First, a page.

Baby Blue: 1964 Chevrolet C10 Stepside – SOLD!

by | Oct 2021 | Classifinds, Truckin Tuesday

NOTE: Right below this line is a slide show for this ride. If you do not see it immediately, please click on the white space and the pictures should start to appear before they are fully loaded. Use the “<” and “>” keys to enlarge and navigate through all of the pictures provided.

November 1, 2021 Update – We confirmed the seller of this “Classifind” deleted their listing, so we’re now able to call this one “SOLD!” While this one got away, please reach out either by email or call us directly if you’d like to be informed when we come across something similar.

Want to know the easy way to spot whether a first-generation Chevrolet C10 Stepside has been modified? Look for the missing driver’s side spare tire and the dished wheel supporting it modified to match the passenger side. Seeing the spare tire perched atop its correct factory location on this 1964 Chevrolet C10 originally listed in October 2021 on Craigslist in Bennington, Vermont appears to be a nicely restored, back-to-basics stepside. Not only is the side spare intact, but so is the original inline six-cylinder motor connected to a “three-on-the-tree” controlled manual transmission.

Currently offered at $19,500, comparing that price against the Hagerty Insurance Online Valuation Tool confirms the private seller has their C10 short bed priced between this guide’s #3 “Good” estimate of $16,900 and its #2 “Excellent” appraisal of $28,600.  Similarly, the  Collector Car Market Review Online Tool reveals the seller’s ask falls between this guide’s #2 “Very Good” estimate of $18,800 and its #1 “Excellent” appraisal of $28,800.

Launched in the fall of 1959, the 1960 model year introduced a new body style of light-duty pick-up truck that featured many firsts. Most important of these were a drop-center ladder frame, allowing the cab to sit lower, and independent front suspension, giving an almost car-like ride in a truck. Also new for 1960 was a new designation system for trucks made by GM. Gone were the 3100, 3200, and 3600 designations for short 1/2, long 1/2, and 3/4-ton models. Instead, a new scheme assigned 10, 20, or 30 for 1/2, 3/4, and 1-ton models. Since 1957, trucks were available from the factory as four-wheel drive, and the new class scheme would make this known. A “C” in front of the series number designates a two-wheel-drive while a “K” denotes a four-wheel-drive model such as the truck featured here.  Chevrolet introduced a coil-spring front suspension for 1963 along with roller bearing front hubs. For 1964, stylists modified the cab by eliminating the “wraparound” windshield incorporating a new front grille design.  While engineers added a number of subtle interior changes, the basic body design remained in use through 1966.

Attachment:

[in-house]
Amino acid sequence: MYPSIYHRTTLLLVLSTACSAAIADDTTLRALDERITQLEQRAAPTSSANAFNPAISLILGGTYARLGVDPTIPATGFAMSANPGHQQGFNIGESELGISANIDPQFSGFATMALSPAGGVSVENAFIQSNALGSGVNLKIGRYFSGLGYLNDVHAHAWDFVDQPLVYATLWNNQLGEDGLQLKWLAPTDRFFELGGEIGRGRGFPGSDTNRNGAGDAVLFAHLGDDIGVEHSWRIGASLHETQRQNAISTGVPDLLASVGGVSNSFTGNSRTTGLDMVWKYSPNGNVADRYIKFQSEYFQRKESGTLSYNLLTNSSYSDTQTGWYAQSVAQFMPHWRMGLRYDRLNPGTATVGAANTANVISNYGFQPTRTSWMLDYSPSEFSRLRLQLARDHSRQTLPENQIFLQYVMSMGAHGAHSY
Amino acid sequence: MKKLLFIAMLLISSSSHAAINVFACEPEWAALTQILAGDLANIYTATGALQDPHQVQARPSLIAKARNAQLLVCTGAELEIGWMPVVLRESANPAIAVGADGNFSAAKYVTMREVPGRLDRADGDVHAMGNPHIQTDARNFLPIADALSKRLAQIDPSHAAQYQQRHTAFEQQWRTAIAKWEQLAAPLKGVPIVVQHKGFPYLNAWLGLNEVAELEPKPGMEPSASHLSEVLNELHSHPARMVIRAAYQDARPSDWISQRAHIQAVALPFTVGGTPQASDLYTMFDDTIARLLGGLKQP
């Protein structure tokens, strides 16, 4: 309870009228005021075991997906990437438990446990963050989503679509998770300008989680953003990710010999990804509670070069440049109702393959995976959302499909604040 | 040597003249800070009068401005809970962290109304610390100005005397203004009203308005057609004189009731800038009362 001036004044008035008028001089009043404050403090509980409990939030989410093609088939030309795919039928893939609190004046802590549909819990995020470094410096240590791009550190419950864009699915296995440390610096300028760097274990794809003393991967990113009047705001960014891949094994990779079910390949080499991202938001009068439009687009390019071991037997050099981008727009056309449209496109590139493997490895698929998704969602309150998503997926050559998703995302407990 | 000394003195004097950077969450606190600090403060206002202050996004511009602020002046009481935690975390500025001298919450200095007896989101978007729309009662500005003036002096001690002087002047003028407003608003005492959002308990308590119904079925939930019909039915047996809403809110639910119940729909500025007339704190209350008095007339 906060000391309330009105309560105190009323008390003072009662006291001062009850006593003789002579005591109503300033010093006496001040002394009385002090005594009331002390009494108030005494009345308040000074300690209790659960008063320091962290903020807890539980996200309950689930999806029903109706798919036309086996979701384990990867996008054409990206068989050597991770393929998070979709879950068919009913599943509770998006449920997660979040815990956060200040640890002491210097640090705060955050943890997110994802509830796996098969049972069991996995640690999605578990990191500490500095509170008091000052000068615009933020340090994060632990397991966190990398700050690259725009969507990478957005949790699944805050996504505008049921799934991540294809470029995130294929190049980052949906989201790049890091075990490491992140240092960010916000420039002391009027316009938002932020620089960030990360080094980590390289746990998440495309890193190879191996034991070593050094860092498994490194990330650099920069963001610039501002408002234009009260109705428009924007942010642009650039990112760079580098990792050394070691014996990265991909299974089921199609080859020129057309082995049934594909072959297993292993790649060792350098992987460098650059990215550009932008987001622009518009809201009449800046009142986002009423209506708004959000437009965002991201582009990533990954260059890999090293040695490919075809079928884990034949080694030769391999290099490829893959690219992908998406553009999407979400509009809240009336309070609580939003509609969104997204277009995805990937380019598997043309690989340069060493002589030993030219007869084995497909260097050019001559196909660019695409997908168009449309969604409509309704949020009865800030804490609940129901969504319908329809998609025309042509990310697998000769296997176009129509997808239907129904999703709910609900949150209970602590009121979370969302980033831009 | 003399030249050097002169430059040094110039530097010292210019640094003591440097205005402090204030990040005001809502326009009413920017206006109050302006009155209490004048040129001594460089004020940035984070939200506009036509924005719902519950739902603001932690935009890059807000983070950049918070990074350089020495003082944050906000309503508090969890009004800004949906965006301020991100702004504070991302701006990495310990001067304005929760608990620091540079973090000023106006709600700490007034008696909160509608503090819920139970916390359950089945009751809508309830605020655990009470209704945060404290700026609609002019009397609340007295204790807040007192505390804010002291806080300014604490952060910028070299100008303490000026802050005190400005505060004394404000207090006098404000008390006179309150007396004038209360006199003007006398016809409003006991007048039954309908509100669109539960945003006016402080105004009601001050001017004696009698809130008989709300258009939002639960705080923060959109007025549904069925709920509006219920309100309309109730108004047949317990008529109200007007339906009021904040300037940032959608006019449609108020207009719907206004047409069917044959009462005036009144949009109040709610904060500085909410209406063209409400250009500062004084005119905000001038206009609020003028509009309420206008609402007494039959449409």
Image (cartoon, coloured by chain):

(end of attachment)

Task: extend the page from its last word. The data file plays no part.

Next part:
This 1963 Dealer Slide Show spotted on YouTube shows how Chevrolet trained its sales team how to sell on their truck’s features rather than what’s wrong with the competition:


Based upon the pictures provided, this appears to be a very solid and nicely restored C10 Stepside.

Here’s the seller’s description (Apologies for the seller’s use of all capital letters):


Work or play: what would you do with this restored 1964 Chevrolet C10 Stepside for sale?  Comment below and let us know!

1 Comment
  1. Mike G

    “3 speed on the tree”. One of my “Susquehanna Hat Company” moments.


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